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Shipping temperature-sensitive goods with phase-change materials: A primer

Imagine preparing a shipment of your company's latest clinical trial. It's traveling from your headquarters in Boston to a research facility in Dubai - in August - and needs to be kept at 14 C.

Any deviation from this temperature means you risk losing thousands of dollars in product and R&D time.

This kind of shipment doesn't have to induce fear or stress. It's simply a matter of choosing the right packaging solution for your cold chain, with an emphasis on a cooling method, or phase-change material (PCM). In addition to price and payload protection factors, it's becoming increasingly important to consider what kind of impact your packaging solution and PCM will have on the environment. Some PCMs leave a minimal carbon footprint, while others may be around for generations to come.

Technically, every object on the earth is a phase-change material. Add heat to a solid, it becomes a liquid. Add heat to a liquid, and it becomes a gas. Adding heat to a gas produces plasma (such as lightning). Even rocks, with enough applied heat, turn into liquid - what we know as lava.

A phase-change material in packaging is defined as an organic or inorganic substance that acts as your payload's heating or cooling agent. As your payload's temperature increases or decreases (depending on several factors, from ambient external temperature to the type of insulation you use), your PCM works to maintain a stable, consistent temperature for the duration of its trip.

There are several commonly used phase-change materials within the shipping industry, and each comes with its own benefits and drawbacks. It also should be noted that no PCM alone is effective in maintaining temperature, as they typically come as part of an entire packaging system. As the key temperature regulator for packaging systems, however, it's important to choose your PCM carefully. Here are five simple categories to keep in mind when evaluating PCMs:

1. Payload protection temperature range. If your sensitive clinical trial needs to be kept at 14° C, with acceptable excursions ranging from 11° C to 17° C, can you be sure your PCM will maintain that narrow temperature range?

2. Time durations. Will your packaging solution maintain a consistent temperature for 24 to 48 hours? Or with a package going to Dubai, are you safe for up to 120 hours?

3. Ease of use. Does your packaging solution provide sufficient room for and protection of your payload for the duration of the trip? For instance, using dry ice as a PCM may be effective for materials that need to be kept frozen (below -18° C). Once the ice sublimates, however, there's now room for the payload to move around and possibly become damaged.

4. Expense. Price alone shouldn't dictate your choice in packaging solution or PCM - a more expensive option may be the best suited for your shipping needs. Reusable solutions also may appear more expensive, but based on cost per use may be more affordable.

5. Environmental impact. What is the PCM composed of, and is it renewable? Is it toxic or non-toxic? Can you reuse it over and over?

With these considerations in mind, let's review some common packaging industry PCMs:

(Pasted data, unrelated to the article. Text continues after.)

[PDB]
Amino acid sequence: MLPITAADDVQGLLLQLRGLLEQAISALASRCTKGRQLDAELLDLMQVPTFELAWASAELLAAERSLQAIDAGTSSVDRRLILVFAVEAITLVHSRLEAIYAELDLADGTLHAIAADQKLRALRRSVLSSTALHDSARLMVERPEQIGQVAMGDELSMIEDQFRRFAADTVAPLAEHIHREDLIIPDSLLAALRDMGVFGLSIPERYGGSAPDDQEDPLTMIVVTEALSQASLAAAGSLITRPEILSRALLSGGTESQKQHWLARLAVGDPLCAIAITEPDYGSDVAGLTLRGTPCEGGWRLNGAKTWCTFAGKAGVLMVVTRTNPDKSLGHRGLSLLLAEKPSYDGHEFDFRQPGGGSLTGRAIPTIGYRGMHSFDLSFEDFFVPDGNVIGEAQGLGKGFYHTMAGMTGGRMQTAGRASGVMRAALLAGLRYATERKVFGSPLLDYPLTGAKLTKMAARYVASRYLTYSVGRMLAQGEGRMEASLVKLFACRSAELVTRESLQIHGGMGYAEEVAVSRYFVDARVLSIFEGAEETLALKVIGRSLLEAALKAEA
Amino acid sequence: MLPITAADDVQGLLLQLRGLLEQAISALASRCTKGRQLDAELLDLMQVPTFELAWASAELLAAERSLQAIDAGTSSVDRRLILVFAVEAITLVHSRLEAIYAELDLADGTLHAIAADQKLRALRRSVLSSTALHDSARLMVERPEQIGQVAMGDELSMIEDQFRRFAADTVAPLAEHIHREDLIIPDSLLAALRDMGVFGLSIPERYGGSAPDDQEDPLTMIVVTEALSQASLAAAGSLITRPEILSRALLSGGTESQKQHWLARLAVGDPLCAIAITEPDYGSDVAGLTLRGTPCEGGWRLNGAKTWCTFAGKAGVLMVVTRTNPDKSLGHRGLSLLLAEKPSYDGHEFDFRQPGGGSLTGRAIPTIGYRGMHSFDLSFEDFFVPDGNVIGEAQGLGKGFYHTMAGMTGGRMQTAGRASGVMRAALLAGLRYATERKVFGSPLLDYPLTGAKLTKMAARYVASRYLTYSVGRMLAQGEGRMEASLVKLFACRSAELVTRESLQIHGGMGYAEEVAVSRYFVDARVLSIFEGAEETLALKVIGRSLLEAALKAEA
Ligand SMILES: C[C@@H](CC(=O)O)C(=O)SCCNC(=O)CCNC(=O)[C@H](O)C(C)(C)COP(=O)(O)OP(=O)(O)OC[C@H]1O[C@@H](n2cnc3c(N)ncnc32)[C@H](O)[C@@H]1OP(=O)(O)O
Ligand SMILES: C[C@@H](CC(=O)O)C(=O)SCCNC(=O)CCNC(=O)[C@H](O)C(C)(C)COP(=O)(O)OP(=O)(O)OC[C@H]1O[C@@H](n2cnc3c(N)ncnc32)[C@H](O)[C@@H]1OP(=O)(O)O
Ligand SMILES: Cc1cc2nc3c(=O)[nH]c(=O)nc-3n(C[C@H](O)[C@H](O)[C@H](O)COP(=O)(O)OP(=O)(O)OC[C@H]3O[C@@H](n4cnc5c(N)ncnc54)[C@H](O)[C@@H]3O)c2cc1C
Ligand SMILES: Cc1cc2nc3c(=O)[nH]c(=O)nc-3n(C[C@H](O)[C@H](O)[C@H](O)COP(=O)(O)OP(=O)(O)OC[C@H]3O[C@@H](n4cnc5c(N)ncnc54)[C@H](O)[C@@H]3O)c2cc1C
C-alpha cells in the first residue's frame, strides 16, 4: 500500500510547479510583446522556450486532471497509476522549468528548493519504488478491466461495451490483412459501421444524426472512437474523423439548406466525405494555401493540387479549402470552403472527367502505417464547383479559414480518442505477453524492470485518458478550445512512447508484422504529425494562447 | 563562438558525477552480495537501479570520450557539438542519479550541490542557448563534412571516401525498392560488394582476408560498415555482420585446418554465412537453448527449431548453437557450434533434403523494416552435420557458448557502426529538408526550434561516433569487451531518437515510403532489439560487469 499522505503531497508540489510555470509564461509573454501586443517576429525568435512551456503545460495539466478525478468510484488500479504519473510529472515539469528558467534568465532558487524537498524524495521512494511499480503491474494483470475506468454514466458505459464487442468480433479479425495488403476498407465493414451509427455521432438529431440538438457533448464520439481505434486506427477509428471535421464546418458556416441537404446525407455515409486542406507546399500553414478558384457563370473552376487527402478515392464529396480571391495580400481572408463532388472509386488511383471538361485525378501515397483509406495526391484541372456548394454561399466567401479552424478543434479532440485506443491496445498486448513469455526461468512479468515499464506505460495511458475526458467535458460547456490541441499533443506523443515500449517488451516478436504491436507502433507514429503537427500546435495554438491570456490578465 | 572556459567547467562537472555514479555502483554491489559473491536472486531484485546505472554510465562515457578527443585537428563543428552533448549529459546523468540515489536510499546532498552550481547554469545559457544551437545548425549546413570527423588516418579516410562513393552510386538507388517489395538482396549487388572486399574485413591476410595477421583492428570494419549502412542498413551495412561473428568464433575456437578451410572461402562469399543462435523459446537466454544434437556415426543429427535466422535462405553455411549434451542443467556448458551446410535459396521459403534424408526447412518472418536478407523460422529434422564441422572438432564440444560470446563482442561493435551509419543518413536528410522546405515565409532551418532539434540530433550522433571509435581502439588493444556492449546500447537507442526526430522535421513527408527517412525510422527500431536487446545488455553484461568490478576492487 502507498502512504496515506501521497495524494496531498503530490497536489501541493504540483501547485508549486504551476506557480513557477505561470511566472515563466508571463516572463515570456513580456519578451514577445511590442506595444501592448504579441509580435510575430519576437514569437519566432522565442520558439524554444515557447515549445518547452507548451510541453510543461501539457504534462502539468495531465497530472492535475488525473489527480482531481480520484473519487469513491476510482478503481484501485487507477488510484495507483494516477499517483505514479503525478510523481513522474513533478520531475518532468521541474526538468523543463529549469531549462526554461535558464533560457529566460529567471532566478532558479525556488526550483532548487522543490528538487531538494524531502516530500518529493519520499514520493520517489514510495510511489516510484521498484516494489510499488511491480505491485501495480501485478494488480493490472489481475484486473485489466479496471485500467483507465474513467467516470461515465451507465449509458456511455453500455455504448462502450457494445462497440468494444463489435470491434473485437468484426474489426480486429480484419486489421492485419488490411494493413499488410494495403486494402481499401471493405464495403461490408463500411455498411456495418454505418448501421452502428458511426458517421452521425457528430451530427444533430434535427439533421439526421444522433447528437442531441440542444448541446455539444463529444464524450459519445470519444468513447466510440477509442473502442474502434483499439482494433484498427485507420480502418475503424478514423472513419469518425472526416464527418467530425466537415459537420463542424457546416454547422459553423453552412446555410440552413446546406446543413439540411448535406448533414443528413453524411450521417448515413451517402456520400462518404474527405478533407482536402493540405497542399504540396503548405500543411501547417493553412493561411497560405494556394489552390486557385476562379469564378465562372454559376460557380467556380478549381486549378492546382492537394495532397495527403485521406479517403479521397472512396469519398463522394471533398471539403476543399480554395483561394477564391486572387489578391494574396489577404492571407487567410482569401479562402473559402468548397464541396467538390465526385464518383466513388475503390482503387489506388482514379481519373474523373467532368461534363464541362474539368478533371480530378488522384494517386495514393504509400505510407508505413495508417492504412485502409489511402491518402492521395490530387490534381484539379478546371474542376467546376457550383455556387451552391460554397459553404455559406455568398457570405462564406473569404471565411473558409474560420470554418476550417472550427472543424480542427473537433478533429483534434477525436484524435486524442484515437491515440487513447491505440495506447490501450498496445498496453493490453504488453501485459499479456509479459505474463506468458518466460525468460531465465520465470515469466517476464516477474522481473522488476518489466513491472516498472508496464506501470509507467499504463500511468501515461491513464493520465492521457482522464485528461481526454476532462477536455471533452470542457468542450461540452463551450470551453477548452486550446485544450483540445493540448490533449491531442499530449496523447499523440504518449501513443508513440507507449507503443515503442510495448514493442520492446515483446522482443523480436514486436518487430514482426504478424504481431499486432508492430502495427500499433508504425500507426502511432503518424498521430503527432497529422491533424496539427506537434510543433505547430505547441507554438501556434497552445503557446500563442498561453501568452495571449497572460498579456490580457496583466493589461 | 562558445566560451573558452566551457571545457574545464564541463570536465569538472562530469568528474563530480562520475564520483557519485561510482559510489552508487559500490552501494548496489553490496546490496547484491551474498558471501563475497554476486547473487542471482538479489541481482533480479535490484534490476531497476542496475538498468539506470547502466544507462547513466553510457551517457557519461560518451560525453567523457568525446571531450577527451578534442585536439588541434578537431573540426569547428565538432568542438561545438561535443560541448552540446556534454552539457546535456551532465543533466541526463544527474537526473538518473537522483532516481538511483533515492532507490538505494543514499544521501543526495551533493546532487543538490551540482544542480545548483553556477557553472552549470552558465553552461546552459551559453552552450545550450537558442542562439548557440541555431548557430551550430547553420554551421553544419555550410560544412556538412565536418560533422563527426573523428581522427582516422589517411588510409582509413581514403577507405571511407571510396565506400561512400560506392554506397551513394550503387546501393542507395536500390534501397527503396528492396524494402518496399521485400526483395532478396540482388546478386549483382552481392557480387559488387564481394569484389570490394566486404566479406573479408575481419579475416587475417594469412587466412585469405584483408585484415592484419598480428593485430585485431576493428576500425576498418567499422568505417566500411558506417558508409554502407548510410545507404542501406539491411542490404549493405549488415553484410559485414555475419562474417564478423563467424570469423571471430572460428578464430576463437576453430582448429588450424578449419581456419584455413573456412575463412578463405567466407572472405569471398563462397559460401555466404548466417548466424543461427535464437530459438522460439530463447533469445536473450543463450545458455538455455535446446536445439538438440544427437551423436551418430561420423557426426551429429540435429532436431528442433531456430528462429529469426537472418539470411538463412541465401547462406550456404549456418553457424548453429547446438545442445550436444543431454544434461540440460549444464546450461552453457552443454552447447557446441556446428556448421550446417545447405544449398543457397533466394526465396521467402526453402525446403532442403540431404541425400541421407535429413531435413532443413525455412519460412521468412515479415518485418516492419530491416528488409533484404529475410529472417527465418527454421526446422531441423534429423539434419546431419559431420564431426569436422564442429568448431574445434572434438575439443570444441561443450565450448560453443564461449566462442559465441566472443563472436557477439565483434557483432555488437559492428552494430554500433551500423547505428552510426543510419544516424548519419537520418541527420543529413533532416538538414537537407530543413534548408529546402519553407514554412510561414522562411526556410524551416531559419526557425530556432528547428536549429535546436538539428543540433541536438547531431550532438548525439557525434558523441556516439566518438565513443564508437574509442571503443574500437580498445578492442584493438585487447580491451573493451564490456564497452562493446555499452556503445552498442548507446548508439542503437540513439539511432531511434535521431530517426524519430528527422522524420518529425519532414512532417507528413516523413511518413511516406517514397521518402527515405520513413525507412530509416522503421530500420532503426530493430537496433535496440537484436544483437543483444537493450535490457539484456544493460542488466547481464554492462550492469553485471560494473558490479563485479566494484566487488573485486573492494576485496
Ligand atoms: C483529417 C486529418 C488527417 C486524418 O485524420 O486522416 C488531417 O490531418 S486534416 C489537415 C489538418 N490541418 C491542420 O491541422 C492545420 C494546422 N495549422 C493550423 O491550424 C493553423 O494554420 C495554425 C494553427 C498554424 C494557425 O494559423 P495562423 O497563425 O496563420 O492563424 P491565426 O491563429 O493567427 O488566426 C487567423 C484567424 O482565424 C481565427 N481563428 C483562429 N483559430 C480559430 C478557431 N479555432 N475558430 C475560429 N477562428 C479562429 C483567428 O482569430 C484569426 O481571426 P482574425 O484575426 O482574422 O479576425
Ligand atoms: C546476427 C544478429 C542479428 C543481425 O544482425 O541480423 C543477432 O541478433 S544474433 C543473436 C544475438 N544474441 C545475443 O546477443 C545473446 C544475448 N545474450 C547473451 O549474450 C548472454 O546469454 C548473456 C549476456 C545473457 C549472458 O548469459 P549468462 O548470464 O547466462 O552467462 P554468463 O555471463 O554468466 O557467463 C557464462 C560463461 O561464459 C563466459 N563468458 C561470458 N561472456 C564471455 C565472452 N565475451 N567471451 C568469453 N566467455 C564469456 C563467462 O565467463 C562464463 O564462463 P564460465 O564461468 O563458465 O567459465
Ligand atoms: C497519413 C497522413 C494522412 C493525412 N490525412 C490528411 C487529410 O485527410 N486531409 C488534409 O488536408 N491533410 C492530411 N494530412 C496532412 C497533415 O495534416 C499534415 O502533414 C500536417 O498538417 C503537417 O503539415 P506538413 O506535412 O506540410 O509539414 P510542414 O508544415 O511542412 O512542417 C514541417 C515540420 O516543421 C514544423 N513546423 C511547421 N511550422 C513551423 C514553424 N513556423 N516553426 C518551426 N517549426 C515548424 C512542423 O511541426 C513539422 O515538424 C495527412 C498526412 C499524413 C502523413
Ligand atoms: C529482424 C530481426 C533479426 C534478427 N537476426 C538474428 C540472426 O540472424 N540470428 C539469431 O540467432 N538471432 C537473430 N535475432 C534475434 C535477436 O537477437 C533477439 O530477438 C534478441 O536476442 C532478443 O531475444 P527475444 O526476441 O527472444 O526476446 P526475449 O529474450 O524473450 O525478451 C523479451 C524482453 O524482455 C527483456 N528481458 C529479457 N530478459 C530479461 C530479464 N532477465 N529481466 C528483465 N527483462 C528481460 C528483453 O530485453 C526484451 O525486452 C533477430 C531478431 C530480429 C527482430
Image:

• Water-based gel packs. While these solutions are among the most inexpensive PCMs available, ice can melt quickly, and gel packs can sometimes provide inconsistent temperature control. Gel packs also may need to be conditioned hours before use to avoid thermally shocking the payload. They are, however, non-toxic, and intact gel packs may be used several times.

• Dry ice (frozen CO2). Inexpensive and readily available (but not reusable), dry ice works well with deep frozen payloads traveling short distances. Using dry ice as a PCM requires careful packing to ensure payloads remain safe even as the dry ice sublimates.

• Vegetable oil-based PCMs. These relatively new-to-market PCMs can achieve virtually any temperature range and maintain it for extended durations of time (currently available vegetable oil-based PCMs exceed 120 hours). They're also biodegradable, non-toxic, and experience no thermal degradation after 20,000 uses.

• Petroleum-based PCMs. Directly derived from crude oil, the price of petroleum-based PCMs fluctuates as often as the price of gasoline. Depending on the petroleum derivative used to create the PCM, most are toxic. Because they are typically volatile, disposal of them may be difficult.

• Heavy water (deuterium oxide). Ideal for refrigerated (2-8° C) payloads because it freezes at 3.82° C, heavy water is an effective PCM but must be used cautiously; may be difficult to obtain and be costly.

• Eutectic salts. A generic term for many materials that contain a salt in solution at a concentration that yields the lowest freezing point, eutectic salts can vary in safety, price, and effectiveness, based on their composition. There may also be disposal or customs issues, based on the material used.

Sustaining more than temperature

It may not be commonplace yet in your company to consider environmental impact when evaluating products or services, but that's likely to change. With many of today's top brands implementing corporate social responsibility (CSR) initiatives, the reusability of your packaging solution or phase-change material may be required soon. Europe, China, and Japan all are implementing packaging waste laws around the use of reusable or recyclable packaging - and the United States may not be far behind. With more than one-third of the nation's landfills already full of EPS, it's time we all consider sustainability when thinking about temperature-controlled packaging solutions.

--By Eric Lindquist, President of Entropy Solutions, Inc., a thermal technology development company.
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